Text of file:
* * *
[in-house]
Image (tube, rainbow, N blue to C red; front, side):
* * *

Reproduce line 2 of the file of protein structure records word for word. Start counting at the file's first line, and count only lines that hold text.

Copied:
Image (tube, rainbow, N blue to C red; front, side):